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UPDATE: House Veterans Affairs Committee Chairman Mark Takano (CA-41) and Rep. Juan Vargas (CA-51) sent a letter to Immigration and Customs Enforcement (ICE) demanding answers to the General Accountability Office’s (GAO) finding that ICE is deporting veterans in violation of policy.
Yesterday, the Military Times described a recent General Accountability Office (GAO) report concluding, “Over the past couple of years, stories of non-citizen veterans being deported have made major headlines. As it turns out, there is a process in place that provides extra consideration for those immigration cases, but federal officials haven’t been following it.” A review of the GAO report and others suggest members of the military, before and after discharge, face increasing risk of deportation, naturalization denials and slowdowns, and/or expulsion from the military due to their immigration status under the Trump administration.
There are a number of stories of service members – Jose Segovia, Miguel Perez-Montes, and U.S. born Jilmar Ramos-Gomez, to name a few – coming home after combat with traumatic brain injury and PTSD, thereby leading to criminal convictions that result in ICE detention and initiation of deportation.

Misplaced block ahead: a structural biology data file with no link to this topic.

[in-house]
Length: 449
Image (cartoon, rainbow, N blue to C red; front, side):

Many of these issues also affect the family members of service members, like the adopted daughter of a former Army lieutenant colonel, Hyebin, who is facing deportation because she was adopted one year too late under the law. There’s the wife, Alejandra Juarez, of a “decorated Marine sergeant” whose U.S. eight-year-old citizen daughter pleaded for help to stop her mother’s deportation. And there’s the husband of a fallen U.S. soldier – Jose Gonzalez Carranza – who was deported, leaving behind a 12-year-old U.S. citizen daughter without a parent.
The GAO report details the deportation of veterans without regard to Immigration and Customs Enforcement (ICE) policy requiring special consideration for military service before the initiation of deportation. The GAO also found that the number of naturalization applications by service members and approval of those applications have sharply decreased in the last two years due to Department of Defense (DoD) and U.S. Citizenship and Immigration Services (USCIS) policy changes, as well as a slowdown in processing at USCIS. Other reports show that not only are veterans being deported, some have faced expulsion from the military due to their immigration status.